COP26 verdict is governments urgently need to do more

UK president for COP26 Alok Sharma reacts during his concluding remarks at the 2021 COP26 UN Climate Change Conference in Glasgow. Photo by PAUL ELLIS/AFP via Getty Images.
UK president for COP26 Alok Sharma reacts during his concluding remarks at the 2021 COP26 UN Climate Change Conference in Glasgow. Photo by PAUL ELLIS/AFP via Getty Images.

Overall verdict is not enough done

Professor Tim Benton

Not enough has been done at this meeting to reduce emissions consistent with avoiding dangerous climate change in decades to come.

There have been lots of pledges and the launching of encouraging new international initiatives, some more meaningful than others. But genuine urgency and a willingness to match words with action and to close the yawning gap between pledges and detailed, short-term plans is still missing.

Governments need to move forward from this summit with renewed determination to cooperate, urgently build on what’s been agreed here, and strengthen their nationally-determined contributions (NDCs) in the next year, while providing the finance that poor countries and vulnerable populations need.

Fossil fuels action compromised but progressing

Sian Bradley

COP26 marks a turning point for action on fossil fuels. While the first ever references to coal and fossil fuel subsidies in a COP decision text were compromised, the fact they survived at all does represent progress.

Many parties did raise their ambition, with over 40 countries committing to phasing coal-fired power out, and over 30 countries and institutions now committing to halt international finance for fossil fuels.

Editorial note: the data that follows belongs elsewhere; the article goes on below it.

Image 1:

With the launch of the Beyond Oil and Gas Alliance, the need for decisive action on oil and gas – as well as coal – has landed firmly on the political agenda. Governments will increasingly find their climate leadership questioned where they continue to support oil and gas production.

Raise ambition on emissions reductions and net-zero pledges

Anna Aberg

Climate change is already causing severe devastation around the world and we know that unprecedented action needs to be taken this decade to avoid the most disastrous impacts.

The 2030 national emission reduction targets (NDCs) governments have submitted put us on a highly dangerous trajectory towards warming of 2.4 degrees by the end of the century.

It is crucial governments raise the ambition of their NDCs substantially before the end of 2022, as called for in the Glasgow Climate Pact. It will also be essential to monitor the implementation of all pledges made at COP26 and to hold governments to account.

Finance and adaptation is only a first step

Ruth Townend

Climate impacts are accelerating and rich countries need to meet the $100bn a year commitment they signed up to 12 years ago. There can be no doubt about the level of need in developing nations for financial support, not least for adaptation.

The impacts they experience will have knock on effects beyond their borders. To prevent cascading climate risk, those countries most wealthier countries need to meet and go beyond their annual $100bn promise, and provide more finance focused on helping countries manage climate change impacts.

Doubling adaptation finance by 2025 is only a first step in the right direction.

Inclusion critical for the next COP

Nina Jeffs

As we look to COP27 in Egypt, serious effort needs to be made on inclusion and representation.

COP26’s historic registration numbers and gender-responsive funding pledges are a step forward, but it is critical that those most affected by climate change, including representatives from the Global South, women, youth, and Indigenous peoples, have a seat at the decision-making table.

Professor Tim Benton, Research Director, Emerging Risks; Director, Environment and Society Programme; Siân Bradley, Senior Research Fellow, Environment and Society Programme; Anna Åberg, Research Analyst, Environment and Society Programme; Ruth Townend, Research Fellow – Climate Risk and Diplomacy, Environment and Society Programme and Nina Jeffs, Schwarzman Academy Fellow, Environment and Society Programme.

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